This Second Sunday of Easter is also known as Divine Mercy Sunday. The message of Divine Mercy is simple: God loves all of us, and He wants us to recognize that His mercy is greater than our sins, so that we will call upon Him with trust, receive His mercy, and let it flow through us to others. Thus all of us can come to share His joy.
The message of Divine Mercy is one we can call to mind by simply remembering ABC:
Ask for His Mercy. God wants us to approach Him in prayer constantly, repenting of our sins and asking Him to pour His mercy out upon us and upon the whole world.
Be merciful. God wants us to receive His mercy and let it flow through us to others. He wants us to extend love and forgiveness to others just as He does to us.
Completely trust in Jesus. God wants us to know that the graces of His mercy are dependent upon our trust. The more we trust in Jesus, the more we will receive.
This message of Jesus as The Divine Mercy is based on the writings of St. Faustina Kowalska, a Polish nun who, in obedience to her spiritual director, wrote a diary of about 600 pages recording the revelations she received about God's mercy. Even before her death in 1938, devotion to The Divine Mercy had begun to spread, and in the year 2000, St. Pope John Paul II gave the Second Sunday of Easter this special title for the universal Church.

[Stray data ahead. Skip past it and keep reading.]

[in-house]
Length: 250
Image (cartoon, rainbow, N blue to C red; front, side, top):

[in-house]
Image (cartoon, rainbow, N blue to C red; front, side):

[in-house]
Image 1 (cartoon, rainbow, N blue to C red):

Learn more about The Divine Mercy and the associated prayers by visiting thedivinemercy.org.
Jesus, I trust in You!
David J. Conrad
The First Reading this Second Sunday of the Easter Season is from the Acts of the Apostles (like all the rest of our Easter Season masses). Today the very first line is: “The community of believers was of one heart and mind.” Can you imagine any Community where this would be true? A Community infused with compassion and empathy, tolerance and forgiveness in the every-day? I have trouble picturing this in “the real world” of today—our world—with so much self-interest, social media (with hardly any control of hate speech disguised as personal opinion) and the political or personal fighting over power, money and control. I sincerely yearn for the kind of caring and sharing that would change our current “real world” in the same way Jesus’ presence post-resurrection seemed to change the world back then…for even a little while. Because we know that people being people, power corrupts, fear and greed drive us, and we sometimes love the wrong “gods.”
Reading this Act of the Apostles and hearing how they lived then, though, should mean it is not impossible to put aside all our grievances, our greed, our selfishness, sin and fear—and to put on Christ in this world. I keep thinking that it happened before and it could happen again. I believe this to be so. I pray for this to be so—to experience the Kingdom of God in the here and now—brought on by our communal and personal goodness and holiness. How may this happen?